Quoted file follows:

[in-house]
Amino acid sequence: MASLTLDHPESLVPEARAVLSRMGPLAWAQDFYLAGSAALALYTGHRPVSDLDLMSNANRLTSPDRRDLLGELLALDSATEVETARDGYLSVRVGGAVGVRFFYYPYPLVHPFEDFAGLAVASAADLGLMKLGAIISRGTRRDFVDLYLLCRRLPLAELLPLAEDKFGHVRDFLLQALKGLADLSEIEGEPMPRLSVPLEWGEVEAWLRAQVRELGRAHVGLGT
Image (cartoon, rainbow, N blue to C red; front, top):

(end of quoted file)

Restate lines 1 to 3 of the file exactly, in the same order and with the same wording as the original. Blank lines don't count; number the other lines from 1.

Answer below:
[in-house]
Amino acid sequence: MASLTLDHPESLVPEARAVLSRMGPLAWAQDFYLAGSAALALYTGHRPVSDLDLMSNANRLTSPDRRDLLGELLALDSATEVETARDGYLSVRVGGAVGVRFFYYPYPLVHPFEDFAGLAVASAADLGLMKLGAIISRGTRRDFVDLYLLCRRLPLAELLPLAEDKFGHVRDFLLQALKGLADLSEIEGEPMPRLSVPLEWGEVEAWLRAQVRELGRAHVGLGT
Image (cartoon, rainbow, N blue to C red; front, top):